When the climate bill died in the U.S. Senate in 2010, most observers assumed that was the last dying gasp for “cap-and-trade” as a policy for tackling global warming. Here in the United States, it’s hard to find an environmentalist or Democrat who will even whisper the phrase anymore.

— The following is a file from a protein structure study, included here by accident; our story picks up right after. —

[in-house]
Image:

Yet cap-and-trade is very far from dead. Across the globe, dozens of countries are either enacting or studying cap-and-trade programs for their carbon pollution, according to the World Bank’s 2012 Carbon Market Report.
Read the full article in Wonkblog